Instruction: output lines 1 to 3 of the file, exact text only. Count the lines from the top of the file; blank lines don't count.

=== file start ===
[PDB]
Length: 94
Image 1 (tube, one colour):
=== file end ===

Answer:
[PDB]
Length: 94
Image 1 (tube, one colour):